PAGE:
Title: New-Wave Format
Author: Bobbie Ann Mason
Where I Read It: American Short Stories Since 1945
The main character, Edwin, is a 40-something man in a relationship with a woman about twenty years younger. It works, at least at the start, because he hasn't changed much since he was her age. He's drifted through life in a kind of stupor, with little awareness of the world and understanding of himself.
Interestingly, it's his new job as a bus driver for developmentally disabled adults that pushes him to develop. (And this story isn't sentimental about his growing understanding and affection for them, and their attachment to him. It feels real.) As he gets to know them better and take responsibility for their safety when they're on his watch, he wakes up a little - and with this new maturity and awareness comes pain. The author doesn't shy from the pain of growing and the loss which comes with re-evaluating one's life and relationships. There might be healing but also a regret for the years, even decades, that have slipped by unnoticed.
Where does the 'new-wave format' come into this? Edwin plays music on his bus - first only oldies and then experimenting with newer more electric and frenetic music - while pretending to be a disc jockey. Music connects him not only to his passengers, but to different parts of his life. The older music, listened to in a new context, helps him revisit and better understand a past he's slept through. He ages mentally on that bus; the music helps to bring him up to date. In different ways, both the old and new music push him to the present moment and underscore the way he relates to his passengers. At the end, he's more mature - but this also means he can't slip back into the comfortable sleep that's cushioned him over the years.
Author: Flannery O'Connor
Where I Read It: American Short Stories Since 1945
O'Connor's stories sting; they're thoughtful and sharp, and sometimes funny in a dark way. Even when a character experiences some kind of redemption, the moment isn't necessarily hopeful. There's no easy redemption in her stories. This one begins in a doctor's waiting room, a good setting for bringing together people from different levels of the social hierarchy and pressing them into a confined space, forcing them to breathe each other's air; the setting also suggests that the people occupying it are in need of a cure of some kind, not necessarily medical.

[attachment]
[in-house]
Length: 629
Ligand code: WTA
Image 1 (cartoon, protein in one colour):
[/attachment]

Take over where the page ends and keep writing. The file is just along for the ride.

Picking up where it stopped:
The main character, Mrs. Turpin, is a woman who lives by social distinctions. She's a respectable white woman who knows exactly where she fits in relative to everyone else. Hers is an ordered world, and it feels like a gift she received for being the spotless creature she is. It's only proper that she command respect and own land with her husband.
Another person in the waiting room, a sullen, bookish teenaged girl named Mary Grace, takes a savage dislike to Mrs. Turpin. Their violent confrontation shakes Mrs. Turpin's complacency, her perception of her own goodness and the idea that the social hierarchy in the world around her somehow mirrors what's in Heaven.
From what I remember of the story, Mary Grace's mother is much like Mrs. Turpin; perhaps Mary Grace strikes out at Mrs. Turpin as an indirect blow to her mother as well - and a blow against everyone who maintains a society based on polite fictions, with genteel manners substituting for kind sincerity. Mary Grace's anger isn't misdirected and strange; it's the rage of someone who can see the lies but can do little to change anything. Nonetheless, she helps transform Mrs. Turpin, who takes Mary Grace's attack as a personal spiritual message.
Mary Grace and Mrs. Turpin are also similar (Mary Grace might as well be Mrs. Turpin's daughter, or maybe the teenaged version of her in an alternate life). Mary Grace's attack unleashes some of Mrs. Turpin's personal fierceness, which is usually masked by gentility and expressed in petty ways. When Mrs. Turpin's world gets turned upside down, her ordered world smashed, she rages. She shouts questions at Heaven. She has a kind of savage strength in her, and her faith is no longer a complacent feeling of well-being but more a cry of anger and fierce questioning.
Title: Rosendo's Tale
Author: Jorge Luis Borges
Translator: Norman Thomas di Giovanni
Where I Read It: World Literature: An Anthology of Great Short Stories, Drama, and Poetry
The narrator's voice in this one pulls you into the story. He's a man who has killed someone in a knife fight and gets recruited, via a corrupt police force, to intimidate voters at the behest of corrupt politicians. He does this for years; a life where manhood isn't defined by near-constant physical violence seems unimaginable. And then at some point he sees the senselessness of it, including a key moment where he sees himself mirrored in another man - what he must look like himself as a brute. Could he have had that moment of recognition at any time in his life, or did he have to get worn away a bit by the passage of years?